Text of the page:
A video accompanies the resource explaining thermal conductivity.
The mathematics covered in this activity is:
 solve problems involving area, perimeter and volume
 use scale drawings
 work with formulae for the areas and perimeters of plane shapes
 work with formulae for surface areas and volumes of regular solids
 be able to draw graphs by constructing a table of values
 be able to extract information from a graph
Understanding the Motion of the Wheels
This activity features the application of mathematics within the field of mechanical engineering by exploring the design and construction of wheels, to be used to challenge a land speed record. These principles also apply in engines and gearboxes, which typically consist of rotating machinery and understanding the loads imposed on components is of great importance for safety considerations.
The mathematics used by students in this activity includes:
 using frames of reference
 parametric equations of a circle and cycloid
 the calculation of velocity and acceleration to explore acceleration
 the equations relating to forces and stresses on a wheel
Detailed notes and examples are provided and there are extension activities for students to complete, together with learning outcomes and assessment criteria.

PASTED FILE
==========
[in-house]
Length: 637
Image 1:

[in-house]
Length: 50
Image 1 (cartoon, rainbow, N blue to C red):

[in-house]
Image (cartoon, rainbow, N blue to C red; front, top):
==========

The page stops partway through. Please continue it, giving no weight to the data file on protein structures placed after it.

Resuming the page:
Algebra
These resources cover a wide range of algebraic topics, many of which are used in the field of engineering. The topics covered are:
 solving linear equations
 solving simultaneous equations
 solving quadratic equations
 dealing with inequalities
 the modulus symbol
 graphical solutions of inequalities
 the laws of logarithms, the exponential function and solving equations
 Sigma notation
 partial fractions
 rearranging formulas
 factorials and
 the laws of indices
Comprehensive notes, with clear descriptions, for each resource are provided, together with relevant diagrams and examples. Students wishing to review, and consolidate, their knowledge and understanding of algebraic principles will find them useful, as each topic includes a selection of questions to be completed, for which answers are provided.
Rearranging Equations
These materials cover two sessions designed to take students through the basic principles of manipulating and solving equations. The students work through building an equation, checking the equation, and solving the equation. They are then asked to create their own equation and swap it with a partner to be ‘undone’ step. Finally, students move to an activity which uses cards to further reinforce how equations are rearranged.
The resource includes detailed lesson plans and teacher notes for the sessions which are designed that students are able to:
 develop confidence with the notation used in equations develop the use of brackets by creating and solving equations
develop the skills needed to change the subject of a range of different equations
 develop an understanding of the nature of an equation and the principles that are applied when rearranging them
 learn from each other